In the case of events – particularly business related functions – the tool makes some sense, and LinkedIn actually offers similar in their new platform prompts, introduced as part of their recent redesign.



[Source:- Socialmediatoday]


YouTube Testing New In-App Chat Function to Boost Social Activity

Image result for YouTube Testing New In-App Chat Function to Boost Social ActivityGoogle has never fared particularly well in social.

This was highlighted earlier in the week when the search giant announced a new update for Google+ – which reminded many that Google+ actually does still exist. Yet, despite their various attempts and failures in trying to tap into the social realm, that hasn’t stopped them from trying. I mean, really, they can’t – social platforms are continually cutting into their core business, with more and more discovery activity being conducted with social apps, a trend that only looks set to grow.

That same impetus appears to be behind their latest shot at social functionality, with Google-owned YouTube testing a new in-app messaging platform which enables users to share their thoughts and comments about YouTube content on YouTube – not somewhere else.

It’s pretty straight-forward – you watch a cool video on YouTube and you can immediately share it with your friends, so long as they also have the YouTube app installed. And of course, a lot of people do have the YouTube app on their devices – millions of iOS users have downloaded the app and it’s included on Android by default.

It makes sense, right? Now that it’s easier to share YouTube content directly, within the app itself, more people will do that than click on the Facebook or Twitter button and go share it over there. Right?

This is the same flawed approach Google has repeatedly taken in social, that if you give people an improved or streamlined experience, they’ll use that instead. But they won’t.

Why? Because their friends are on Facebook already. Adding a new chat experience means people need to re-align how they do things, where they share, how they get others involved. And most just won’t bother.

This is the same problem with Google’s new Allo messaging app – yes, it’s good looking and it has cool features like Google Assistant built in, but most people have already established their networks of friends on Messenger and WhatsApp. In order for them to switch to Allo, they’d need to convince all of those friends to also come across in order to make it worth their while, which ultimately means Allo likely won’t see any significant take-up, despite being an arguably more advanced and better messaging platform.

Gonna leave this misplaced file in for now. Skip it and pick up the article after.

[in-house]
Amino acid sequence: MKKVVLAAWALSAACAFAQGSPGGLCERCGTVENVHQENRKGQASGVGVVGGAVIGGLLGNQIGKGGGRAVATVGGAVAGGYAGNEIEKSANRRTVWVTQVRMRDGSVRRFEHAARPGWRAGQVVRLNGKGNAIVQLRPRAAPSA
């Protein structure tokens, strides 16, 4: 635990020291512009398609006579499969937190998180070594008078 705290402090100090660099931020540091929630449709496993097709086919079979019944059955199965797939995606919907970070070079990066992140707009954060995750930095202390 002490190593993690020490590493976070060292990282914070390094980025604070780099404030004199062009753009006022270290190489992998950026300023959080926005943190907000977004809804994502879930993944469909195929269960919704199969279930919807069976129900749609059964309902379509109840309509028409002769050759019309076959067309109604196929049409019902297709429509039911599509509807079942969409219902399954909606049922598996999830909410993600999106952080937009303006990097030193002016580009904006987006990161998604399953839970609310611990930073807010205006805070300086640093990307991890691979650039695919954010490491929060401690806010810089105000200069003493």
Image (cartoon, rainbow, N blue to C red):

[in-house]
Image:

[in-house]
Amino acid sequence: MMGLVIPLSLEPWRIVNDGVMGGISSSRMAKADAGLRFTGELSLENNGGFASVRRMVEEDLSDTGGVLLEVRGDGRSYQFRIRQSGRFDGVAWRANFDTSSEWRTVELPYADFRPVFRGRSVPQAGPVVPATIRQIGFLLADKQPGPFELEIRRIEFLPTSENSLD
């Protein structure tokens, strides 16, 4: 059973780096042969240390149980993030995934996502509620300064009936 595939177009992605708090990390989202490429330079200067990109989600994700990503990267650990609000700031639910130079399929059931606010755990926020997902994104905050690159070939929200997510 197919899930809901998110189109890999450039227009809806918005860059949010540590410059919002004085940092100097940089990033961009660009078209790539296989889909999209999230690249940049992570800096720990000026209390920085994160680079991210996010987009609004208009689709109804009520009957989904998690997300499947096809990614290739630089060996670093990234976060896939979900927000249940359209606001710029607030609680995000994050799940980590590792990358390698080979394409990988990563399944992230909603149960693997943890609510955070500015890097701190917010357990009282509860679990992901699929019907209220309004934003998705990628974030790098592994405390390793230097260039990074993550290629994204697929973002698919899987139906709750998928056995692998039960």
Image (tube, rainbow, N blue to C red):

Google+ was the same – its systems may have been better, more advanced, but it offered no key differentiation from the existing options outside of that, which meant users felt no real compulsion to switch across. Everything they cared about was already on Facebook.

Of course, that’s not to say a new option can’t come in – Snapchat’s been able to take audience share from the established players by offering something users can’t get anywhere else, cool new features and tools that differentiate it from the pack and appeal to audiences looking for an alternative. But that differentiation is key.

So, yeah, YouTube might soon have a new messaging system, and it looks okay, functional. But I doubt you’ll see a big enough migration of users across to this option to make it a serious marketing consideration. Maybe, as you build up YouTube subscribers, you could use this to help spread the word. But then again, you’re probably better off using the other platforms where you have established connections and communities, as encouraging more action on those networks will produce greater return in increased reach.

If YouTube’s able to add something new to the process, some new messaging tools or features that make users want to check it out, the option could be something, but right now, in test phase, it looks like another Google social attempt that will be cool to know about, might even have some interesting quirks and benefits. But probably won’t become a major challenger in the space.



[Source:- Socialmediatoday]